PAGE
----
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Yacht Rock!!!!!


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#21 BSLZackKiesel

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Posted 21 April 2017 - 09:48 AM

Christoper Cross is a bit of an oddity in the Yacht Rock community. He doesn't have the backgrounds that typical Yacht Rockers have as studio musicians. He began his musical career in Texas, and became an immediate solo success with his first album. He did connect with a lot of the typical personnel, most notably Michael McDonald. McDonald sang background vocals on 2 of the songs on his first album, most famously on "Ride Like the Wind". He did so again on Cross' second album, on "All Right" and the song below, "No Time for Talk".

 

Both of Cross' first two albums were produced by Yacht Rock monster Michael Omartian, who also played keyboards and percussion. "No Time for Talk" features personnel like Steve Gadd on drums, Paulinho de Costa and Lenny Castro on percussion, and Abe Laboriel on bass. While Cross doesn't have the typical backstory of other Yacht Rockers, his sound is definitively Yacht.

 

"Ride Like the Wind", "Sailing", "All Right", "Arthur's Theme", "Never Be the Same", and "Say You'll Be Mine" are his best, along with this one: "No Time for Talk".

 


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#22 BSLZackKiesel

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Posted 25 April 2017 - 08:45 AM

Toto is the best band to ever take part in the Yacht Rock scene. Featuring some of the best studio musicians to grace American recording studios, they wrote and performed some of the smoothest music ever recorded. David Paich, Steve Lukather, Jeff Porcaro, Steve Porcarco, and Bobby Kimball made up Toto. Before forming their own group, each of them made their marks in the studio with some of the smoothest musicians of the day. Paich, Jeff Porcaro, and Lukather worked with Boz Scaggs, with Porcaro also working with Steely Dan. Interestingly enough, in 1982, the band was heavily involved in Michael Jackson's "Thriller" album, with Steve Porcaro co-writing the hit song "Human Nature" (making that one of Jackson's few Yacht Rock songs). He's the one responsible for the legendary synthesizer intro.

 

They had immediate success with songs like "Hold the Line", "I'll Supply the Love", and "Georgy Porgy". Their second album, "Hydra", featured "99", one of my favorite Toto songs. In 1982, "Toto IV" was released, featuring their biggest hits, "Africa" and "Rosanna", as well as "I Won't Hold You Back".

 

"I'll Be Over You" is one of the smoothest songs ever to be released onto American airwaves, and it was released by Toto in 1986. Lukather co-wrote the song with Yacht Rocker Randy Goodrum, and he also sang lead vocals. But what makes the song so smooth is the presence of Michael McDonald on backing vocals. He is the best backing vocalist in music history, and this song is one of his best performances. Also on this song are legendary Yacht Rock percussionists Lenny Castro and Paulinho de Costa.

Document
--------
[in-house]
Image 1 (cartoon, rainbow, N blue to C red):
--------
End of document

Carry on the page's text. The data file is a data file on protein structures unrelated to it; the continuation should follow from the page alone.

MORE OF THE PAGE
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#23 BSLZackKiesel

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Posted 26 April 2017 - 07:26 AM

I've been looking for an Elton John Yacht Rock song for a long time now, and I think I've finally found it. "White Lady White Powder" comes from Elton's 21 at 33 album that he released in 1980, smack dab in the middle of the Yacht Rock era. No surprise that he did a song about cocaine, but this was around the time that Elton was experimenting with other sounds and moving further away from his traditional backing band. Davey Johnstone didn't play at all on this album, and this song was one of just two that Nigel Olsson played. As always, this song was co-written by John and Bernie Taupin.

There is some very nice Yacht Rock personnel on this song. Lenny Castro is on congas, and he started his career with Boz Scaggs, then moving on to Toto and also playing with Steely Dan, Christopher Cross, David Sanborn, and Kenny Loggins, along with many, many others. Victor Feldman is on tambourine, and he's worked with The Doobie Brothers, Steely Dan, Boz Scaggs, and Gino Vannelli, along with many others. Richie Zito is on guitar. While he isn't a big Yacht Rocker, he has played with Eric Carmen and Diana Ross.

To me, this song sounds exactly like a Doobie Brothers song, especially in the chorus. Interestingly enough, the Eagles (Glenn Frey, Don Henley, and Timothy B. Schmit) sang background vocals. But can't you imagine Michael McDonald singing the response in the chorus? It sounds like it was written for him.
 


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